Primary caregivers for a person with Alzheimer’s disease are likely all too familiar with the challenge of trying to take a quiet moment or two alone – to get a quick shower, step into the other room, or even use the bathroom. Those with dementia can have enhanced concern when a caregiver is out of sight – a condition known as shadowing in Alzheimer’s. And the resulting behaviors are exceptionally challenging to manage: crying, anger and meanness, or repeatedly asking where you are.
Why Does Shadowing in Alzheimer’s Occur?
It may help to understand the reasoning behind shadowing. You are the person’s secure place, the one who helps to make sense of a confusing and disorienting world, so when you are not there, life can seem uncertain and frightening. And understand that shadowing is not due to anything you have done (or not done). It is a typical part of the progression of Alzheimer’s disease.
Our dementia caregivers suggest using the following techniques to help:
- Avoid conflict. The older adult may become angry or combative in an attempt to communicate their anxiety about being alone. Regardless of what they do or say, it’s important that you avoid arguing with or correcting the person. An appropriate reaction is to validate a loved one’s feelings (“I can see you’re feeling upset,”) and redirect the discussion to a much more calming topic (“Would you like to try a slice of the cake we made this afternoon?”)
- Help with tracking time. Because the sense of time is often lost in people diagnosed with dementia, telling the person you will just be away for a few minutes will most likely not mean very much. Try using a standard wind-up kitchen timer for short separations. Set the timer for the amount of time you’ll be out of sight and ask your loved one to hold onto it, explaining that when it dings, you will be back.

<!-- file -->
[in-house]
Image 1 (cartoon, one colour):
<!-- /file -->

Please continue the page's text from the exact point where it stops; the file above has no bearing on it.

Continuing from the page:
- Provide distractions. Finding a calming activity for the older adult to take part in can be enough of a diversion to allow you a brief period of respite. Try repetitive tasks, such as sorting nuts and bolts or silverware, folding napkins, filing papers, or anything else that is safe and of interest to the older adult.
- Increase the person’s circle of trust. Having a friend or two with you as you go through the person’s routines can help them learn to trust people other than just you. Over time, once that trust is in place, the person will become calmer when you need to step away, knowing there is still a lifeline readily available.
- Record yourself. Make a short video of yourself taking care of chores like folding laundry, reading aloud, singing, etc. and try playing it for your loved one. This digital substitution could be all that’s needed to give them a sense of comfort when they are away from you.
It’s also helpful to engage the services of a professional Alzheimer’s caregiver who understands the nuances of dementia, like those at Compassionate Nursing Services. We can implement creative strategies like these to help restore peace for both you and the person you love. All of our care professionals are fully trained and here to fill in when you need a helping hand. Call us at 314-432-4312 or contact us online to learn more about our award-winning in-home care services.